for arg in std::env::args().skip(1) {
        if arg == "-c" {
            compact = true;
        } else if arg == "-only-parse-dont-output" {
            only = true;
        } else {
            query = arg;
    let reader = std::io::BufReader::new(std::io::stdin());
    let writer = std::io::BufWriter::new(std::io::stdout());
    let value: serde_json::Value = serde_json::from_reader(reader)?;
    if only {
        // No-op.
    } else if compact {
        serde_json::to_writer(writer, value.pointer(&query).unwrap())?;
    } else {
        serde_json::to_writer_pretty(writer, value.pointer(&query).unwrap())?;
$ cargo build --release
$ cp target/release/serdejson ./my-serdejson
$ echo '[0.5, 0.99999999999999999, 2, 123.456789]' | ./my-serdejson -c
$ time ./my-serdejson    < citylots.json > /dev/null
real    0m5.969s  (5.33x vs jsonptr)
$ time ./my-serdejson -c < citylots.json > /dev/null
real    0m4.891s  (5.67x vs jsonnptr -compact-output)
$ echo -n '"Backslash-a (\a) is invalid JSON."' | ./my-serdejson; echo $?
Error: Error("invalid escape", line: 1, column: 16)

The -only-parse-dont-output flag and the query command line argument are discussed in the “Query Dependent Running Time” section below.


serde_json_core is zero-allocation but it requires the input to be entirely in memory and does not handle escape sequences within JSON strings.

Wuffs Buffers

Wuffs’ decoders are coroutines that process arbitrarily long inputs and outputs by operating on finite length buffers. Just as (finite length) glass-bottom boats can glide along an arbitrarily long stream of water, Wuffs’ finite lengths buffers can glide along an arbitrarily long stream of bytes, viewing part of the stream at any point in time. Motion is where early bytes leave the buffer and later bytes enter the buffer.

Each stream byte has up to three locations (numbers) associated with it:

A buffer buf consists of data (the pointer and length of its backing store, what Wuffs calls a slice and C/C++ calls a fixed-size array) and some metadata (including a buffer position) so that a stream byte t satisfies these identities:

There are two equivalent visualizations of this, duals of each other, where one thing (the stream or buffer) stays still and the other thing (the buffer or stream) moves. For example, here’s a stream containing “see I have a rhyme assisting my feeble brain” (the gray text), a 16-byte buffer (the green rectangles) and a focus on the ‘t’ byte (which is in view when t.index < 16).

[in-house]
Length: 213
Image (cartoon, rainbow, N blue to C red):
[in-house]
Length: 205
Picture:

jsonptr buffers

Readers, Writers and Compactions

To simplify the animation above, motion was only one byte at a time and the buffer was always full. In practice, for efficiency, motion often takes bigger, jerkier steps. Furthermore, just like how a Unix pipe has a reader end and a writer end, a buffer’s metadata also has a reader index meta.ri and a writer index meta.wi.

The meta fields can vary over time, but three invariants must always hold (and are enforced in Wuffs code by the Wuffs compiler) which together also imply (writer_length <= data.len) and (reader_length <= data.len):

Filling increases meta.wi and draining increases meta.ri. Those indexes are decreased by compactions: the buffers are linear, not circular. Compactions move any written-but-not-read-yet bytes (there are reader_length of them) to the start of the buffer and lowers meta.wi, lowers meta.ri and raises meta.position all by the same amount so that meta.ri becomes zero. Compactions change the writer and reader indexes but do not change the writer and reader positions.

Here’s another animation (again with a data.len = 16 buffer) where fills are as large as possible and drains stop at word boundaries. The blue (writer) and red (reader) triangles show the positions or indexes and yellow backgrounds show compactions. Question marks show buffer elements with undefined values: Wuffs code cannot read them. Filler versus non-filler is discussed in the “Wuffs Tokens” section below.

jsonptr readers, writers and

For completeness, a buffer’s meta also contains a boolean closed field, set true when no more writes are expected (e.g. we’ve reached the end of stdin). Here’s the complete C type definition for Wuffs-C interop (byte buffers are also called I/O buffers).

typedef struct {
  uint8_t* ptr;
  size_t len;
} wuffs_base__slice_u8;

typedef struct {
  size_t wi;     // Write index. Invariant: wi <= len.
  size_t ri;     // Read  index. Invariant: ri <= wi.
  uint64_t pos;  // Buffer position (relative to the start of stream).
  bool closed;   // No further writes are expected.
} wuffs_base__io_buffer_meta;

typedef struct {
  wuffs_base__slice_u8 data;
  wuffs_base__io_buffer_meta meta;
} wuffs_base__io_buffer;

In Wuffs code, structs have public methods but private fields. A base.io_reader is just an I/O buffer that only has drain-related methods (and no fill-related methods) and a base.io_writer is vice versa. For example, if r is a base.io_reader then r.length() is the reader_length. The Wuffs compiler will reject e.g. a r.peek_u32le() call unless there’s also proof that (r.length() >= 4).

Wuffs Tokens